Microsuction ear wax removal is widely considered the most effective and safest way to remove compacted ear wax. Here are some of the benefits of microsuction ear wax removal over ear wax syringing:
- It’s a simple procedure that uses a small suction device to gently remove the wax from your ear without any mess.
- It’s entirely safe, and there’s no risk of infection, which can be caused by squirting water into your ear with a syringe.
- There is no pain, which many patients say they experience when their ears are syringed.
- It’s fast. You can expect microsuction ear wax removal to take around half an hour or less.
- The suction used to remove wax is gentle on the ears and doesn’t damage the delicate lining, which can be a risk factor when syringing the ears.
- The suction action of microsuction eliminates the risks of the side effects of syringing, including tinnitus, dizziness and wax coming out hours after the procedure.
Which Ear Wax Removal is Best?
By this point, it may seem obvious that microsuction ear wax removal is a more advanced method and has a number of advantages over ear wax syringing. But another significant benefit of microsuction ear wax removal is that the device has a camera attached that gives the audiologist a clear view of the inner parts of the ear and the amount of wax.
During an advanced video otoscopy examination, the camera projects a high-definition (HD) image of your ear canal onto a large screen. This allows the audiologist to properly inspect your outer and middle ear to ensure all ear wax buildup is removed effectively and check for any inflammation or signs of issues. At the same time, it also provides an opportunity to take immediate action before it develops into something more serious, like an infection or a potentially perforated eardrum.
How to Prepare for Microsuction Ear Wax Removal
Microsuction ear wax removal uses gentle suction to dislodge and remove wax from your ears. With syringing, you’d need to use ear drops a few days or up to a week before the procedure, especially in cases where there’s a big wax buildup, so that it isn’t too hard to remove.
But unlike syringing, before microsuction ear wax removal, the wax doesn’t need to be softened up, and it doesn’t matter if it’s hard. So if your audiologist recommends you have impacted ear wax, they usually won’t prescribe ear drops before microsuction ear wax removal as the suction action can easily break up and suck out hard wax. Plus, it ensures that nothing is left behind that could cause another and immediate buildup of ear wax, sending you back to square one.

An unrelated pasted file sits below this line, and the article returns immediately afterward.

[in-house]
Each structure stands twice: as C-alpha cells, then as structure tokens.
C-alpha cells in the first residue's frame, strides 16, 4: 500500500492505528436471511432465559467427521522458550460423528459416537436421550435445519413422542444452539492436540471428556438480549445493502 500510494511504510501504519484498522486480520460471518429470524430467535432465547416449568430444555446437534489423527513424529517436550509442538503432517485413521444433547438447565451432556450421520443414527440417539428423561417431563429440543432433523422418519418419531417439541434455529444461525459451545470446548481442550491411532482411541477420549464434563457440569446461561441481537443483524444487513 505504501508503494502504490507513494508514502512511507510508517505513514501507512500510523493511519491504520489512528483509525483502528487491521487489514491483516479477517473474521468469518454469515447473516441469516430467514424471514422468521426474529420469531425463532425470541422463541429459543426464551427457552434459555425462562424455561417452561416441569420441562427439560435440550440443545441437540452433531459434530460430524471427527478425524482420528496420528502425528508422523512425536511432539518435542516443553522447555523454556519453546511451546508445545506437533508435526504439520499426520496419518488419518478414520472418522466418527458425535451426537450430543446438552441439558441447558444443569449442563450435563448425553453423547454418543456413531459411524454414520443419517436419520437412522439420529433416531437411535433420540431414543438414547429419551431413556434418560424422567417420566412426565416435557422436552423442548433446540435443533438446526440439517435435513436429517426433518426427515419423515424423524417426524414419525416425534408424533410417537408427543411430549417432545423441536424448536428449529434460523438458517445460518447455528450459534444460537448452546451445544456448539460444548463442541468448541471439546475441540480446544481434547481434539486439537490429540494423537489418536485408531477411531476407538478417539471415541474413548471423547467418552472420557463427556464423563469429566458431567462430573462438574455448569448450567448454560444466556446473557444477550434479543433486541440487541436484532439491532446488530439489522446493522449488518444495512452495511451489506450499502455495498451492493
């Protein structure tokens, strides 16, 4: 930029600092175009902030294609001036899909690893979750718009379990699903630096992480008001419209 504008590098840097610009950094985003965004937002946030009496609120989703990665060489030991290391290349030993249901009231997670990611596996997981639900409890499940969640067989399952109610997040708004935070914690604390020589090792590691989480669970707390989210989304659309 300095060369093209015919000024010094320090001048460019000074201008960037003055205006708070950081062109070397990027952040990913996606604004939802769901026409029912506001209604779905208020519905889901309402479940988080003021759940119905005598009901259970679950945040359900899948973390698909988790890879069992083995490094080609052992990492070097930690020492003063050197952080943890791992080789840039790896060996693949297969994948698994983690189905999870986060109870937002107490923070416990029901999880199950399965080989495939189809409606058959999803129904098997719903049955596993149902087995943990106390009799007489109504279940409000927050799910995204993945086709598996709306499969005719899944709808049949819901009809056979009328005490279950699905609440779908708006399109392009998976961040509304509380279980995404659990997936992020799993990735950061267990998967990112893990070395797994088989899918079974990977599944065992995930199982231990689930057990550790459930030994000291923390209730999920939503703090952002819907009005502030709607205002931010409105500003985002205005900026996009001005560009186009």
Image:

So with microsuction ear wax removal, you can have it done straight away and don’t have to trouble yourself with preparing days in advance. It’s the hassle-free, comfortable and safe way to get rid of ear wax and hear clearly again.
Microsuction Ear Wax Removal FAQ
1. Can I have microsuction ear wax removal if I have a cold or sore throat?
Yes, but it may be more uncomfortable, so we don’t recommend having it done when you are unwell.
2. How often can I have microsuction ear wax removal?
There is no limit. However, if you produce a lot of ear wax, you will only need to have microsuction removal every four to six months at the very most.
3. Can I have microsuction ear wax removal with a perforated eardrum?
Yes, if you have a perforated eardrum it is the recommended method of removing ear wax.
4. Is microsuction ear wax removal safe with grommets?
Yes, it is safe following most types of ear surgery, including grommet insertion.
5. Is microsuction ear wax removal available on the NHS?
GPs do not perform microsuction ear wax removal, but they can refer you to a hospital. However, they will likely require you to try ear drops for around six weeks before they do this and waiting lists can be up to six months or longer.
Do you suspect you have ear wax buildup and would like it removed with microsuction? Call or complete our online form to learn more about microsuction ear wax removal in London, Kent or Essex at Regain Hearing clinics.